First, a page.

And, frankly, I never said that illegal immigration was the #1 cause of our economic woes, but when non-citizens are drastically altering the landscape of the job market, I do happen to see similarities to other non-citizens, not living in this country (obviously), getting thousands of jobs no longer even available to citizens, who, in many cases, have had said job taken from them. That's also not too disconnected from offshoring or downsizing, which inevitably are of the same philosophy of workers who will work for much lower wages without any kind of protections, i.e. health insurance. But, to be perfectly honest, I'm just as weary, because no matter the topic, this is always how these arguments go. It's tiresome. And I'm starting to sound like Michael Moore. Fuck you for that.

Unlike many left leaning folks these days, I'm not too fond of Pat Buchanan's thoughts on topics. I don't so much go for nazi loving Nixon apologists. Call me Jewish. I won't even clap for him if he happens to say something I agree with...even if it's bashing Bush. I'm not one of the half wits from Silver Lake in the audience for Bill Maher who cheered as if it was Howard Dean when Buchanan went on his rant against the war in Iraq. His wall or the other wall proposed by former California rep. Bob Doran is every bit the racist policy you seem to think I support. That wall was also being proposed some ten years ago when this problem was not even close to as bad as it is today. And Buchanan isn't just against illegal immmigration. He's against all immigration. He wants to completely shut it down.

Linda Chavez, frankly, is part of the problem, as she was an "employer" of illegal immigrants that she treated like slaves. I don't think I go more than five seconds when I see Linda Chavez on any number of the droning yak fests on cable before I begin chanting "Slave Owner," similar to seeing David Justice and chanting "Wife Beater," or seeing Alec Baldwin and cracking a joke about anger management. We should be going after Chavez and people like her and corporations like her. There, bucko, there's another solution. Kerry's always talking about Benedict Arnold companies. Well, if you're destroying the job market by hiring a bunch of illegals for no wages with no protections, you don't get tax breaks anymore. All the loopholes are closed.

The border and the employers. Figure out how to solve those two problems and I am of the belief that serious progress could be made. But every piece of shit in a suit who calls himself a representative or a senator or president is so beholden to big business donors that the mere notion that they'd get off their knees for one damn second and stop deep throating their billion dollar cocks and tell them to start being patriots (there's a word not thrown around often...oh wait) and begin to conduct their businesses not just in the best interest of their stockholders but of their market, and provide their employees with the kind of wages and benefits that allows for them to live a decent life and move up in the world. Now, obviously, shit like Walmart or McDonald's is never going to pay enough to be considered much of a career, but there can be standards for them as well so that the first job can be a stepping stone and not a death trap. (This, of course, speaks to another problem, the increasing cost of college, which continues to rise and bar millions of people from acquiring the kind of training that allows them to use such places as jobs to start out with.)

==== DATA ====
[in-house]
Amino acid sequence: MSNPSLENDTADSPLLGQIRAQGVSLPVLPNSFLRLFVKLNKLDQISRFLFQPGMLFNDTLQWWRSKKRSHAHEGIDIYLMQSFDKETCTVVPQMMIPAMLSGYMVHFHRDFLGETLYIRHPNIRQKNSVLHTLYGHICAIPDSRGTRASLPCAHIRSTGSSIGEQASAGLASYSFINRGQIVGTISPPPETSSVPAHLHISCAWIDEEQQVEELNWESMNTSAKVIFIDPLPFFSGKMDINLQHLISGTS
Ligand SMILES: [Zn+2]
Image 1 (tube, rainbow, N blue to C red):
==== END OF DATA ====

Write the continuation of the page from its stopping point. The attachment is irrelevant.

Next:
Fuck it. Who cares? I answered your challenge. Challenges used to be fun. Great Jews, hot chicks...fucking challenges kinda suck now.

Come On In (1 1/2)

I had intended to ignore the race baiting in Josh's piece, as I've grown comfortable with obvious or thinly veiled accusations of racism, "possible" or otherwise, from our man in Fagistan. Referring to the idea that people are bothered by "brown people" taking their jobs implies that said "brown people" are not taking jobs from other "brown people," or that leveling such a charge, be it racism or bigotry or narrow-mindedness will somehow alter the circumstances of the argument, nullifying the points being made. The impact of illegal immigration, as it currently stands, has little to do with race or ethnicity. Granted, the majority of the illegals in California, for example, are Mexican, but that's really neither here nor there. Nine million (and counting) people have poured into the state because cheap labor is available to them because businesses desire it. This kind of cheap labor is now no longer relegated to a few select industries and, subsequently, the job market continues to suffer and the number of available jobs to citizens ("brown" or otherwise) continues to shrink. They could be Canadien or Guatemalan or Irish and it would still, as it has, cause a massive strain on the economy, on the public school system, on the healthcare system, etc. If you combine this economic impact with the impact of outsourcing, downsizing, etc., you have a problem. I don't see aiding and abetting a big part of the problem as some kind of solution. I've only heard a lot of tired rhetoric from politicians on how to solve our economic woes. The tired rhetoric of lobbing a wholly unsubstantiated implication of racism fits right in with that.